Learning a new language is a long process but it doesn’t have to be painful. Vocabulary words do have to be learned but there are easier ways to do it than read and repeat those infamous vocabulary lists. Ewww!
Start with the words and expressions that you encounter on a regular-basis. Look around you. Work on your hobbies in French. Start with your interests and expand your reach.
Take things into your own hands
The brain needs about 7 encounters with a concept or a word to remember it. New neurological pathways have to be created and expanded. You already know the word in English, now give yourself the chance to learn it in French. This includes seeing, hearing, saying and writing down a word or expression. So don’t sweat it too much when you think you should know a word after the first time!
Where can I find new words?
Start with your immediate area. What do you see? Where are you? Can you describe the room you are in right now? If you go for a hike, what can you say? You like painting? What are all those instruments and colours called in French?
You can also get new vocabulary words in movies or online videos in French. Turn on the French subtitles so you can see and hear the words at the same time! Song lyrics are also a great way to follow along and translate to understand the meaning of it. You may also find expressions that you would not see anywhere else!
Build a personal dictionary
Good old paper! The brain still prefers pen and paper and you may find that writing things down will help you remember better. In a notebook, you can trace a line in the middle of a page or use a spread as one dictionary page. On the English side, write the English word (duh!). You can also add a picture or drawing of the object and a contextual sentence. On the French side, write the French word (obviously!). You can also add the pronunciation in phonetical alphabet or the way it sounds to you and will make it easier to remember. Write a sentence in French that reminds you of the right way to use it. A great online tool you can use is wordreference.com
You can create categories in your book, use sticky flags or a colour code to group words together, either by type of word or subject. Always keep your personal dictionary close by since you never know when you will need it! If you feel ambitious, you can type it up and make it a searchable dictionary but remember to write it on paper first. Refer to the topic at hand regularly until you remember the words.
Mind mapping your success
A mind map is basically a big brainstorm of ideas on one topic. It is used for many different purposes and helping you learn a language is one of them. Use a large sheet of paper or large cardboard that you can find at the dollar store. This is a great way to learn vocabulary that makes sense in your situation instead of learning long lists of vocabulary words that may not be related to a topic.
Step 1: Pick a theme
Pick a theme and write it in the middle of your mind map. For example, you could build vocabulary around the office life, the restaurant or a meeting.
Step 2: Pick subcategories
Add subcategories that work well with your general theme. For example, if I want to learn vocabulary words for things around the office, my categories could be about office supplies, actions I need to do during my day and phrases I use regularly to answer the phone. Be creative. You can also build your mind map little by little and jot down ideas on a piece of paper while you are working.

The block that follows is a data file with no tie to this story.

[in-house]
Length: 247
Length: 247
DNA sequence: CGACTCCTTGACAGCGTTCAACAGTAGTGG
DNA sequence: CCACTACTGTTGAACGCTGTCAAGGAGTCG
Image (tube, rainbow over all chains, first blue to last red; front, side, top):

Step 3: Look up the words
Once I’ve decided on my subcategories, I can then list all the words that come to mind for that subcategory. For example, I can list all the office supplies I can see in front of me while I am sitting at my desk. Start with writing them in English and then look up the words and expressions in a dictionary. Finally, add all the news words to your personal dictionary.
The “Sticky note” Technique
This technique is pretty self-explanatory. One sticky note: one word. It can work to help you remember words for physical objects. The brain learns concepts better than word for word. It allows you to step away from learning the translation (apple = pomme) and instead adapt your learning to the concept the object represent. It is also a tangible way to witness your progress since you can throw out the sticky note once you know that word!
It is also a constant reminder of the correct word, the correct spelling and the correct pronunciation if you want to add to it. It can help you learn the words you’ve added to your personal dictionary.
Flash cards can be used to learn concepts, actions verbs and expressions in a visual way. There are multiple resources online to help you create your own on the topic you are learning. You can create flashcards after mind mapping so it can help you learn a different way.
You can make it a competition with a colleague who is also learning the language. A simple game or review of the flashcards for 15 minutes per day can go a long way. It is a fun way to learn and challenge yourself.
Are you ready to step up your game?
Phew! Still with me? Great! Some of those tips are presented into more details in our free 3-day training to help you gain clarity on your goals. Do you want to be able to build your own action plan and finally succeed at learning the French language? If the answer is ‘yes’, click below to sign up for our FREE 3-day training!
If the answer is ‘no’, we’d love to hear your feedback. What have we missed in our attempt to help you take that first step? What obstacles might we have overlooked?
Now it’s your turn. What are your tips? What helps you remember vocabulary better and make it fun?